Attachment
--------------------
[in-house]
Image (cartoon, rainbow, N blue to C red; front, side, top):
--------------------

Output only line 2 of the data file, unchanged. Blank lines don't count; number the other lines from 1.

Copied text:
Image (cartoon, rainbow, N blue to C red; front, side, top):